A not uncommon feature of the latter stages of the Second World War was the notion that German soldiers could “lose their chance” to surrender if they resisted for too long. It was not uncommon for Wehrmacht soldiers to be trapped in hopeless positions as Allied forces advanced in France or Italy; small units faced a choice of whether to continue fighting from strong but isolated defensive positions until their ammunition ran out, or to surrender and be taken prisoner. From the perspective of the Wehrmacht, as opposed perhaps to individual soldiers, the ideal situation was for the hopeless positions to fight as long as possible before surrendering, inflicting damage on the Allies while also burdening them with POWs. The Allies reacted to this (unevenly, of course) by establishing a norm of honorable surrender; if the Germans resisted too hard, their surrenders simply would not be accepted, and no prisoners would be taken. This sounds barbaric, and it is certainly in contravention of the laws of armed conflict. The result, however, could be less death and destruction all around; the Germans had the opportunity to resist honorably but not to the bitter end, while the Allies suffered fewer casualties while reducing hopeless German positions.
What put me in mind of this was the recent Daily Beast article on Glenn Greenwald, which hits most of the high points of his recent career. As noted in the quote above, there is a strong odor of “I never thought the leopard would eat *my* face” from the colleagues left to pick up the pieces in his wake. I don’t really think much about Glenn qua Glenn anymore; I don’t read his substack or follow him on twitter. But I care a lot about the folks who bitterly resisted listening to Glenn as he consistently, coherently, and repeatedly explained that he was a leopard, and that he intended to eat their faces. And I’ll even offer a mild defense of Glenn; if you didn’t know who he was by 2016, the problem isn’t with him, it’s with you. The man is not shy about telling people who he is. If you didn’t pay any attention to what he was saying, then *you* fucked up.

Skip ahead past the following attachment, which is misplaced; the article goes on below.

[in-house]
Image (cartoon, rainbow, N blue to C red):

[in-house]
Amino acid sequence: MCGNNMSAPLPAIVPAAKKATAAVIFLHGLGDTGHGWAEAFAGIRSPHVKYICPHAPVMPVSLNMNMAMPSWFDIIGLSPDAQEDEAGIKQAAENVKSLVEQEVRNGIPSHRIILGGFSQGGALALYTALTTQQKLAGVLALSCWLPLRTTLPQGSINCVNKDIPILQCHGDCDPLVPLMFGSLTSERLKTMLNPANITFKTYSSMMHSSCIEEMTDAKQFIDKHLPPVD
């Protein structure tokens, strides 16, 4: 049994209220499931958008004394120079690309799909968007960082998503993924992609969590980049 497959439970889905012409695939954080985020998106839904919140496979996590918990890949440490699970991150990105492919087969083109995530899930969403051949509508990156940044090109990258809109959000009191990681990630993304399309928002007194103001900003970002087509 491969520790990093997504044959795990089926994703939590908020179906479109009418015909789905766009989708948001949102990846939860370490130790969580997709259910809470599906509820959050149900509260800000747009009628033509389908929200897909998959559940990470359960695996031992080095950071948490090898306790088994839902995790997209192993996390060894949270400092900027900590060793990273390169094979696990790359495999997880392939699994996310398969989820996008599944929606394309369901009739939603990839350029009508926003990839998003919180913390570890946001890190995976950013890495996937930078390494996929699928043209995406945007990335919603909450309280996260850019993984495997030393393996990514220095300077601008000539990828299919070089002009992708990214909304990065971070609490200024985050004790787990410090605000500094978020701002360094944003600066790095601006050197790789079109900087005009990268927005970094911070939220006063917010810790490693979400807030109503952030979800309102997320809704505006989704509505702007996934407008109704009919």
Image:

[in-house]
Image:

I can’t put my finger on exactly when the opportunity for an honorable surrender on the issue of Glenn Greenwald passed, but it sure as hell was before November 2020, and it sure as hell was before November 2016. Maybe it was after he claimed to vote for George W. Bush twice, or after he claimed that he had supported the Iraq War, or after he wrote vicious screeds against immigrants; after he showed Ron Paul curiosity, or after he showed Rand Paul curiosity, or after he showed Grover Norquist curiosity, or after he almost got disbarred for overzealously defending Matthew Hale; we can quibble over other highlights such as facilitating the rise of right wing cyber-crank Julian Assange or helping a US intelligence contractor defect to Russia. Your mileage on those may vary, although I’d hope that framing them against the rest of Glenn’s career creates some perspective on his contribution. Glenn was never anything but absolutely clear on the issue of method either; he pioneered “flying monkey” tactics of nasty harassment against anyone who disagreed with him about anything, which again should have provided a clue to the folks who actively enabled his career.
This is important, because many of the folks quoted in the Daily Beast article want to pretend that Glenn did a heel turn at some point, that in the past he was the “good Glenn,” who then suddenly became “bad Glenn” because he looked too long into the abyss or some such. This is of course nonsense; the Glenn of today is the Glenn of 2007. The only difference is the identity of the faces that he has chosen to eat. I will acknowledge a degree of bitterness, mixed with some pride on this point; LGM was a relatively early adopter of the idea that Greenwald was not a particularly admirable figure, and for this abuse was heaped upon us by the progressive bloggers and journalists who had determined not to pay attention to what Glenn was telling them.
To circle back… there’s still time to surrender to the reality of who Glenn Greenwald is. But it is long, long past the point of me having any respect for anyone coming to the belated realization that “Glennzilla” isn’t the person that they so long wished him to be. The prominence of Tucker Carlson’s Best Friend is the result of a lot of folks trying very hard to look the other way for a good long time, and I can’t pretend that I don’t find it funny when Glenn eats their faces.